ByCatrina Dennis, writer at Creators.co
Host, Reporter, Podcast Queen | @ohcatrina on twitter/fb/insta | ohcatrina.com
Catrina Dennis

The hard hits are rolling fresh and early this year when it comes to the passing of entertainment icons. For the generation that is so often referred to as Millennial, the impactful death of actors, writers, comedians, directors and figure heads from our childhood is still a new, sharp, and painful feeling. With the death of Leonard Nimoy, fans of all ages came together to express their sadness in ways that they couldn't when other Star Trek greats, including creator Gene Roddenberry, passed away.

Now, fans can come together in comment sections, on Skype, and in the real world for support and celebration of the amazing voices that impacted them so heavily. While it sounds wonderful, there's been a public outcry running for years against the disconnection perceived by others when mourning celebrities on with a hashtag.

But Why Do We Mourn Famous People?

Last week, buried within a sea of sad Facebook posts - evidently, I'm friends with a lot of Star Trek fans - a friend expressed annoyance at the reaction to Nimoy's passing. "You people act like you knew the dude," he wrote. In a sense, a lot of us don't know the public figures that we mourn - we're not part of their family (save for Nimoy, who decided to take on the role of the world's honorary Grandpa) and many of us have never shared a personal experience with our idols.

There are two primary ways to look at, and essentially feel about celebrity deaths in the hands of the social media-charged public: as a community joining together to celebrate the life of someone they admired, or a group of people who are completely obsessed with the mysteries of death.

We're Obsessed with Death

Let's get the negative out of the way first: according to journalist John Murray, our obsession with celebrity culture can get grim.

"There are three topics that Americans are fascinated with," he told HLN. "Birth, death and marriages. And we tend to go overboard with all of them. You hear 'Bridezilla' stories, you see the paparazzi frenzy over celebrity baby pictures, and when it comes to death, we see people at their best or worst."

What's more, with the rise of social media, hoaxes and death scares have become much more common than they used to be:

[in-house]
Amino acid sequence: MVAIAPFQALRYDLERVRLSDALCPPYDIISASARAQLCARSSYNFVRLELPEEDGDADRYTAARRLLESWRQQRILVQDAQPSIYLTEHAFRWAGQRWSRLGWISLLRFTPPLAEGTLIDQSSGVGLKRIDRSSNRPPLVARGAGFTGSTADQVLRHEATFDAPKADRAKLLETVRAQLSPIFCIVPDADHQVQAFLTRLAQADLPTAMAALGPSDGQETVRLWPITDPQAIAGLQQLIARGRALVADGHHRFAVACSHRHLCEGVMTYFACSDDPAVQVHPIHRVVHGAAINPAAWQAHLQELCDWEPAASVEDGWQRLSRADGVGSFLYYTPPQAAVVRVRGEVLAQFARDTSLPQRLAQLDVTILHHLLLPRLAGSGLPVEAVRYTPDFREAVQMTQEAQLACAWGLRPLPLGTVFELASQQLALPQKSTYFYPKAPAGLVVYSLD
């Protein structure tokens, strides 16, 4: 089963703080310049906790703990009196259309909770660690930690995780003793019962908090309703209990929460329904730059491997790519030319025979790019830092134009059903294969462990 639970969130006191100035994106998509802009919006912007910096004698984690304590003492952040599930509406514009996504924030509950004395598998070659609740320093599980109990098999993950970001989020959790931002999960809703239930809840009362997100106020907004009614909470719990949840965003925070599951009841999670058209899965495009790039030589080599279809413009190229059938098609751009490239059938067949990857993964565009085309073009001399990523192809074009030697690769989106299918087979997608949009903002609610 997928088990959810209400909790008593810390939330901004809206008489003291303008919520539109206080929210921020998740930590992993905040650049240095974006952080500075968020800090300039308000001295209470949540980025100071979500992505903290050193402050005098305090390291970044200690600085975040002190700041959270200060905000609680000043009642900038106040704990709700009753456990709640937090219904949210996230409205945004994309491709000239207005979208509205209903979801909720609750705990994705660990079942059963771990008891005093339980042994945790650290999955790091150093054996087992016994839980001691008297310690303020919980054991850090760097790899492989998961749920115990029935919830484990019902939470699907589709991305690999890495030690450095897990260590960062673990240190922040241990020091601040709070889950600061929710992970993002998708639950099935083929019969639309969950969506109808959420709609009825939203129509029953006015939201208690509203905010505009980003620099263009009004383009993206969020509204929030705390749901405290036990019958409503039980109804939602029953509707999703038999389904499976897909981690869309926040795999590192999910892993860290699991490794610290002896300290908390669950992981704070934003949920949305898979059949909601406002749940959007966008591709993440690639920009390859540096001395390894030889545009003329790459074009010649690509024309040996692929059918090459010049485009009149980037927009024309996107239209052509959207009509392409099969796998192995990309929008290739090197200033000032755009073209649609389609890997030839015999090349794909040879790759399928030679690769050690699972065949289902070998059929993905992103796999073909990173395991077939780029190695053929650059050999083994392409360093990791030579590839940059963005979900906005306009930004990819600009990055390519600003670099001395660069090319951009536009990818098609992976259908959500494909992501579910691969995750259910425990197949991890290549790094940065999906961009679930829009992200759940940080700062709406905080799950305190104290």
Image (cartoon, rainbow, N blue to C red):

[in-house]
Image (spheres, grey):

"We're so quick to pull out the black veil and tissues. Social media, in addition to giving everybody this place to mourn, it has also killed off countless personalities who are, in fact, still alive."

Entertainment media is a major culprit when it comes to these situations. When celebrities die, headlines run for weeks. If Vin Diesel so much as thinks about Paul Walker, for example, entertainment sites will scramble to push out a sympathetic headline, because a cultural demand for the exploration of death drives traffic. In a way, it's two negatives joining together to become an even greater (objectively, at least) negative.

Or: They Genuinely Impact Us

When interviewed about the superficiality of mourning a celebrity's passing, Newsday's Joel Mathis had this to say:

It's easy to sneer at Americans' celebrity obsessions. If People magazine, TMZ, or US Weekly disappeared from the earth, many of us would feel no small measure of satisfaction.
But count me among the millions who posted "RIP Robin Williams" to Facebook and Twitter this week upon learning of the actor-comedian's death. Silly? Superficial? Possibly. But here's the thing: Robin Williams wasn't just a celebrity - not just somebody known to us through the tabloids and gossip columns: He was an artist.

Regardless of the obsessive or negative culture that shock sites thrive off of, fans are still human, and can still feel a genuine sense of loss when a public figure that impacted them so heavily passes away.

The outpour of emotion at the loss of Robin Williams last year was massive. Williams died abruptly, of causes that were not natural, and the world was not prepared. Arguably, the actor inspired generations of people with his comedy, kindness and his open, honest attitude toward his personal problems. When he wasn't reassuring us of our self-worth as Mrs. Doubtfire or leading us through a wild jungle in Jumanji, Williams was here in real life, telling those of us that suffer from these problems that we weren't alone. It is hard to argue that he did not touch the lives of many without ever truly meeting them, and the raw emotion of this loss pans out even to this day.